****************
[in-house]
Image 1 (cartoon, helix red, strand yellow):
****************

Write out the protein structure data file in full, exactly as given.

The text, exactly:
[in-house]
Image 1 (cartoon, helix red, strand yellow):